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On 23-24th March, Orangutan Foundation and Tanjung Puting National Park welcomed a field trip from the local high school, SMAN 1 Pangkalan Bun. The students visited Tanjung Harapan Information Center (image above), a Medicinal Plant Demonstration Plot, Camp Leakey and stayed over night at Pondok Ambung Tropical Forest Research Station. We hope their experience will lead to many becoming stewards of Borneo's nature!

February E-News

Welcome to our February e-news bringing you news of our work to conserve the critically endangered orangutan and its forest habitat.



Veterinary treatment and monitoring of orangutans

Orangutan Foundation’s vet, Dr Dimas Yuzrifar and our Reintroduction Manager, Pak Azhari, visit our post-release orangutan monitoring camps, in the Lamandau Wildlife Reserve, Indonesian Borneo, on a weekly basis to check up on the orangutans. This month, they had an unexpected encounter… Read more on our blog.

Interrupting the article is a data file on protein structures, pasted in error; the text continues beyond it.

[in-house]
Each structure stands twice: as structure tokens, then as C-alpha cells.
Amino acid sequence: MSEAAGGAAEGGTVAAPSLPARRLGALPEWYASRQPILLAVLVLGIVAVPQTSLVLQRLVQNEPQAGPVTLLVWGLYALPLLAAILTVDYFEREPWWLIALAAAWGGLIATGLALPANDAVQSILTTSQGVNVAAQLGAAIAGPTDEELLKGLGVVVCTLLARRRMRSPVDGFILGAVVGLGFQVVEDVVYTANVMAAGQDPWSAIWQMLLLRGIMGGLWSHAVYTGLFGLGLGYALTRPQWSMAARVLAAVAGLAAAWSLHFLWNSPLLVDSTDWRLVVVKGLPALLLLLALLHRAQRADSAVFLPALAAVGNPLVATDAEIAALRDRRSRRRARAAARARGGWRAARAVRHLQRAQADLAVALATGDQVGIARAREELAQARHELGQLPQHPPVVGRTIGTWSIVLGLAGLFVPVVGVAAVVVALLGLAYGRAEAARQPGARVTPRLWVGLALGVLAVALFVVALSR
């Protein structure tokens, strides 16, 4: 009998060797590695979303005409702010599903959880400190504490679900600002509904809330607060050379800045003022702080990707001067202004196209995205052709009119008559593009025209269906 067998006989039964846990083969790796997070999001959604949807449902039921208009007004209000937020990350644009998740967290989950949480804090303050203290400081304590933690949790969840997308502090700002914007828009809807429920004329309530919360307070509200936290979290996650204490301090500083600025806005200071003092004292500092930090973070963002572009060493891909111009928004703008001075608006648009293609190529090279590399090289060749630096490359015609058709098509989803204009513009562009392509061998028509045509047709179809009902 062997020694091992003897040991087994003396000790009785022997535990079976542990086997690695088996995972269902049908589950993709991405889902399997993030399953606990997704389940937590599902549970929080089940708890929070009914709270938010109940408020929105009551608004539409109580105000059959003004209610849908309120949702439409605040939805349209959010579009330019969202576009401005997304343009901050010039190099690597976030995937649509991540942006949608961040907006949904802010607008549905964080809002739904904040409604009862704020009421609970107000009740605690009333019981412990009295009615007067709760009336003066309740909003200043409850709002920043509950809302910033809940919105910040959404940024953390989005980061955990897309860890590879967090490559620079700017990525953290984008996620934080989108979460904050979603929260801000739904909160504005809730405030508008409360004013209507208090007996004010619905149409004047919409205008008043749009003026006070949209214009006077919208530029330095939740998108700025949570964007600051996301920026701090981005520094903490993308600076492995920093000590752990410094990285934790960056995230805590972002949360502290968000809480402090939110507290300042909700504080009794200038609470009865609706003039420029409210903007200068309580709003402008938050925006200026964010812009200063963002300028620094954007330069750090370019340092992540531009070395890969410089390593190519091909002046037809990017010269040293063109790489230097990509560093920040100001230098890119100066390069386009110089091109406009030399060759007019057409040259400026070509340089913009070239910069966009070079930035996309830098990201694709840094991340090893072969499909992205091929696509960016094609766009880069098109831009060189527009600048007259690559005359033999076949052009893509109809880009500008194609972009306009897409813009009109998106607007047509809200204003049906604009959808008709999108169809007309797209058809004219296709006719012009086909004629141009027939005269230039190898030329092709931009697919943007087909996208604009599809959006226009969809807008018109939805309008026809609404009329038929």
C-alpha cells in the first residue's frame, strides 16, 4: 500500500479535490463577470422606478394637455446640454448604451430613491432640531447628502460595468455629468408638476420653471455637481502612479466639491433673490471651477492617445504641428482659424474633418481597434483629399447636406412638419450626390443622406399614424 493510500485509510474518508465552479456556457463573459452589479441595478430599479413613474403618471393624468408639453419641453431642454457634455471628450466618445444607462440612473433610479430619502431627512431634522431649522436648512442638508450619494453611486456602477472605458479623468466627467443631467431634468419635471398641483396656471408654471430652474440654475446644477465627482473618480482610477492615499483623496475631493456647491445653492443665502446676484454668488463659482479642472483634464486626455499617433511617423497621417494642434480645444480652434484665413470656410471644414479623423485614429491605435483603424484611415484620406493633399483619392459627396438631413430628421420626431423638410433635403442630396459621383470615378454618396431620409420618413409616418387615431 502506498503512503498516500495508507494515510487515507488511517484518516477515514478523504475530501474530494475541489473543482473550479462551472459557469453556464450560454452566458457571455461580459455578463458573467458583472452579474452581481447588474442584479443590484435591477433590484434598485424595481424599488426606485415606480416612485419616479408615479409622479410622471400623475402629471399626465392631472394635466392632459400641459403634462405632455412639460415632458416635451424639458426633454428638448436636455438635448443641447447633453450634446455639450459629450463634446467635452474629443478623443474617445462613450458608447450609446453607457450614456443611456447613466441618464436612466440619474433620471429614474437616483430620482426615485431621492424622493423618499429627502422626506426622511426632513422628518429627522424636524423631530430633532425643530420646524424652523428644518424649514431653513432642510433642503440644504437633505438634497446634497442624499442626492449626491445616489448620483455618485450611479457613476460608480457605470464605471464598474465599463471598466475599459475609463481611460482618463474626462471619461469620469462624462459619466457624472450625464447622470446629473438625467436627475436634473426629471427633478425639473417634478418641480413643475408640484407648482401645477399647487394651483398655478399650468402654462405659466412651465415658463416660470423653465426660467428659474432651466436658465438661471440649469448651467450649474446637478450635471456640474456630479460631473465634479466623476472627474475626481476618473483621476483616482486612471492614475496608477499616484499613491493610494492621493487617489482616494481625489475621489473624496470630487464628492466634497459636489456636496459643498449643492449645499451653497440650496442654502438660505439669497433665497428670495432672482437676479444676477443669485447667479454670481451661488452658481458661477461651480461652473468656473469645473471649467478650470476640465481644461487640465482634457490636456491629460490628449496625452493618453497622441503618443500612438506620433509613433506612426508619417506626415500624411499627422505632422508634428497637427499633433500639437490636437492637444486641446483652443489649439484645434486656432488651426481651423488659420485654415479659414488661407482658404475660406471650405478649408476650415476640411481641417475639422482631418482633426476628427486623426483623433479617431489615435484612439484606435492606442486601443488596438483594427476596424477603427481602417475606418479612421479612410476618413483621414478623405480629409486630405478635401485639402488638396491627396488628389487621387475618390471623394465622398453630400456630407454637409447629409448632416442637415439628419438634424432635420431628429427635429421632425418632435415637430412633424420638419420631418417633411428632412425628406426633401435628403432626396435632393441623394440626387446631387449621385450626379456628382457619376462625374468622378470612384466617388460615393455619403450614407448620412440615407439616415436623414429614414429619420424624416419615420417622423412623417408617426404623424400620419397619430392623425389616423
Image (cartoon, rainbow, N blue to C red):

Young orphaned orangutans, Nyunyu (left) and Mona (right).

Young orphaned orangutans, Nyunyu (left) and Mona (right).


Provision of technology training for forest protection

Collaboration with our local partners is fundamental to the success of our conservation programmes in Central Kalimantan, Indonesian Borneo. Orangutan Foundation were honoured to be asked to provide GPS training for the Indonesian Rapid Reaction Team of the Regional Disaster Management Agency, BPBD. In 2018, we worked closely with the Rapid Reaction Team to co-ordinate a response to tackle forest fires when helicopters were used to water bomb and prevent the spread of fires into the critical orangutan habitats of Tanjung Puting National Park and Lamandau Wildlife Reserve.

Orangutan Foundation’s GIS Technician, Iqbal Tawakkal (middle, wearing white shirt) providing training for Rapid Reaction Team.

Orangutan Foundation’s GIS Technician, Iqbal Tawakkal (middle, wearing white shirt) providing training for Rapid Reaction Team.